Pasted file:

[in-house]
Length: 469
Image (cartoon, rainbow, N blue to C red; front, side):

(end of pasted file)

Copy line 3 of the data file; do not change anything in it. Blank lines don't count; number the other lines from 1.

Image (cartoon, rainbow, N blue to C red; front, side):